When constitutional rights have been threatened in the past, the Supreme Court has discarded the dual sovereignty doctrine: In the contexts of unreasonable searches and seizures and the privilege against self-incrimination, the Court has recognized that a constitutional right should not be circumvented simply because a crime violated the laws of separate sovereigns. (36) This same reasoning should apply to the Sixth Amendment right to counsel.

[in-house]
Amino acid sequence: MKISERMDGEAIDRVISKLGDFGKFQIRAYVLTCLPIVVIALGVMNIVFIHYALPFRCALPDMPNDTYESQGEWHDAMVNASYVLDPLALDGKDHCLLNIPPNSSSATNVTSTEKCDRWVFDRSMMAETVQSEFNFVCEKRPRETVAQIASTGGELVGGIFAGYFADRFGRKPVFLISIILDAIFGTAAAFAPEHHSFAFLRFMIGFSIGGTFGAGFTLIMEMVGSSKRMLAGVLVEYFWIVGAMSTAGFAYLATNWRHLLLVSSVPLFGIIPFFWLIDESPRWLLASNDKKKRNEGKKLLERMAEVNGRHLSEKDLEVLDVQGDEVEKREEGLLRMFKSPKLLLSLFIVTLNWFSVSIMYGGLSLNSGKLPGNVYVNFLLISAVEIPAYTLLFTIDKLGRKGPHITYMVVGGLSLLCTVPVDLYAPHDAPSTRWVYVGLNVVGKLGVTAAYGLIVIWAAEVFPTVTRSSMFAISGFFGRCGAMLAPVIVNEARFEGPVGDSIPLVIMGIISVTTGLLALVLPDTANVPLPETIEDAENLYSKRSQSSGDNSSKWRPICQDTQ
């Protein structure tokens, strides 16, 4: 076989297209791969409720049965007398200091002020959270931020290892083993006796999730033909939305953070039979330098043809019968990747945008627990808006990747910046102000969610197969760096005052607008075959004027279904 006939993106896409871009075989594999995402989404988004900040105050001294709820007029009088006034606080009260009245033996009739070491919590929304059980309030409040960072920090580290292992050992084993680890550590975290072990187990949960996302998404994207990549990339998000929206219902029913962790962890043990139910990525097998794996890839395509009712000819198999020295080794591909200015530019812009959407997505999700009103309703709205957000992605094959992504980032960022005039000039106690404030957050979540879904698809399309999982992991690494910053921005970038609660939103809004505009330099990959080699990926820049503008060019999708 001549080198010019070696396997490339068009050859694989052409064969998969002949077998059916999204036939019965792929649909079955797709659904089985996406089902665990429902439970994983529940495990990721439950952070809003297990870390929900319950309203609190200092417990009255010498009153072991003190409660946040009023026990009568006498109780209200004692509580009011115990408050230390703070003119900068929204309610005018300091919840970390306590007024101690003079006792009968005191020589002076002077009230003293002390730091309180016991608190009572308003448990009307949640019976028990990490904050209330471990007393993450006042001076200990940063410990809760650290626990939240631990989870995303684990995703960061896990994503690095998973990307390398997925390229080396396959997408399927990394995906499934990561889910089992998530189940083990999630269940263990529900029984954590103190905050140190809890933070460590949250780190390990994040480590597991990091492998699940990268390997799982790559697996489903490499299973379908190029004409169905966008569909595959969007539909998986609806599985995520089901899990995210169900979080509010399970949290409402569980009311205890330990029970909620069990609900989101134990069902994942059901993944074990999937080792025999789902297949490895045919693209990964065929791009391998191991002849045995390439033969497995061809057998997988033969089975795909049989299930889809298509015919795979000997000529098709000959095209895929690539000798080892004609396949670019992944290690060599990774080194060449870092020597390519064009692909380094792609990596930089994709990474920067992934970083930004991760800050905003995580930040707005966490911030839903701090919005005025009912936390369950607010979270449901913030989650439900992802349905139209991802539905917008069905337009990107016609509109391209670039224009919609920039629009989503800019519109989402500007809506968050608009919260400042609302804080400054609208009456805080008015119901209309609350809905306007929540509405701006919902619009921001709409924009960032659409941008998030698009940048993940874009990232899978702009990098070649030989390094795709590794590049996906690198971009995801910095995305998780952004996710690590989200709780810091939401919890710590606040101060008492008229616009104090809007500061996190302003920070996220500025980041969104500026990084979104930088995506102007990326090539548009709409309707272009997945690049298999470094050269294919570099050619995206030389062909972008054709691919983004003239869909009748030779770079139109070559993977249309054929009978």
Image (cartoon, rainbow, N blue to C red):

Yet the Supreme Court has painted lower courts into a doctrinal corner with its coarse reasoning in Cobb. First, if courts take seriously the idea that "offense" in the right-to-counsel context is equivalent to "offense" in the double jeopardy context, then the dual sovereignty doctrine--alive and well in double jeopardy jurisprudence--must apply with equal force to the right to counsel. Second, if the right to counsel is truly offense-specific, then federal, state, and tribal governments can do in tandem what none could do alone: deliberately elicit incriminating statements from the accused without the knowledge or presence of an attorney, and use those statements against the accused at a trial on the very matter for which the defendant is represented. This is the harsh result of Avants. Bird rejects this outcome by refusing to apply dual sovereignty to the right to counsel, but does so with minimal explanation. The remainder of this Comment attempts to supply a more robust doctrinal account by examining the Court's response to the impact of dual sovereignty on unreasonable searches and seizures and the privilege against self-incrimination.